"Now that I hear myself talk about it, it almost sounds like I'm sick," Frank Scifres laughingly told us after running down a bit of his automotive history for us. "Maybe I need professional help." Could be, but Scifres is only suffering (if we can call it suffering) from the same malady that afflicts us all, and he knows it. "I'm just a car freak," he continues. "I'm always looking for the next rush." Sick? It sounds normal to us. More than that, it's downright healthy when the symptoms manifest themselves in the form of this extremely sano high-powered '64 Malibu SS drop-top.
Continuing the theme, Scifres explained a bit further: "I like to drive. I'm in constant pursuit of the next ride." Over the course of 2005, the chase for his next hot set of wheels has taken Scifres through a '67 Camaro, a pair of Sunbeam Tigers, a C6 Corvette, a Porsche (which is still in the barn), and, of course, a certain Malibu SS convertible. Although he pledges no allegiance to any one marque, it's no surprise the Bow Tie has come up more than a few times over the years. "My first car was a '72 Camaro, and that's when I fell in love with high-performance cars. I can't tell you how many I've had since," Scifres says.
The inspiration for the next ride came from another red ragtop, specifically the '63 Nova SS convertible built by the folks at Mother's Polish. This little box may look like a tame, albeit very nicely done ride. It packs a punch, though, sporting a 420-horse small-block under the hood. This was enough to get the gears turning in Scifres' head, but he was unable to turn up a suitable Chevy II project car. Far from being a project killer, this dilemma simply caused Scifres to go about things a bit differently. He found a '64 Malibu SS convertible on eBay and took possession of the factory air-equipped A-body sight unseen.
So what was next? Why, getting to work, of course. And that's exactly what Scifres--who cut his gearhead teeth in Whittier, California, wrenching on his Camaro and its stalemate, a VW dragster--did. "I disassembled the car at home," he told us. "The vehicle was sound with very minimal rust." After two months of disassembly work, Scifres was ready to start the necessary repairs when the residential regulators put the kibosh on home repair work. Some may stop and ask, "What's the world coming to when a man can't build a car in his own garage?" And though he didn't say so, Scifres may have thought just that. He did, however, adapt his plan again, finding someone to finish the project.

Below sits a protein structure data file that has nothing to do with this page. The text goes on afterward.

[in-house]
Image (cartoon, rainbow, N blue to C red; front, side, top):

That someone turned out to be Dale Akuszewski of Dale's Restorations in San Bernardino, California. Dale was working on Scifres' Sunbeam Tiger ("He's the guru," we're told), but was more than up to the task of creating the convertible his customer wanted. Shop name not withstanding, Scifres didn't have restoration on his mind. "A restoration isn't fun," he told us. "What fun is 200 hp?" That question is persuasively answered by Scifres' choice of powerplants, namely a 427 small-block from Bill Mitchell's Hardcore Racing, which cranked out a tire-ruining 563 hp on Mitchell's engine dyno before making the trip to California. It turns out this motor is a favorite of Scifres', given that the '67 Camaro he parted with early in 2005 was also equipped with one of these mini-monsters. "The motor revs incredibly quick and is virtually bulletproof," says the voice of experience. "Those guys build a great motor."
The engine bay may raise a few restoration-minded eyebrows, but we do have to give Scifres credit for sticking with his vision--which led him to do away with the factory-original air conditioning. "I just wanted to open the hood and not see that ugly factory piece," he told us, and the smoothed firewall in its place is certainly slick. "Besides," Scifres continued, "it's California--it could use a heater more than A/C." And given that it's a chilly December in Southern Cali as we write this, we can't argue with that, either.
Then again, there's definitely a sleeper angle inherent in this ragtop rendition, and that is also according to plan. "I wanted to retain as much of the stock outward appearance as possible," Scifres told us, "with just a hint of hot rod." That meant updated internals--the aforementioned Rat-sized Mouse among them. He also went with a full Global West suspension package to give his Mali proper handling manners, and a Baer brake setup to make sure the thing stops. And while he eschewed the creature comforts of A/C and heat, Scifres did have a luscious custom black leather interior created for his project. But at a distance, all that sets this ride off from a stocker are the Billet Specialties wheels and the mirror-like red paint. This is also by design.
"One thing I've learned," we were told by way of conclusion, "is that if you compro-mise, you'll never be satisfied. If you're set on something, do it or do without." And when it came to creating what he calls a "timeless hot rod, something that can't be dated," Frank Scifres certainly didn't compromise. "This car retains all the stock brightwork, the dash looks stock, it's got the wheels and the right stance, and it hauls ass," he continues. "The entire package is tight and powerful." We don't know what's next on the agenda, but this rush-inducing red ragtop should hold even this car freak's attention for a while.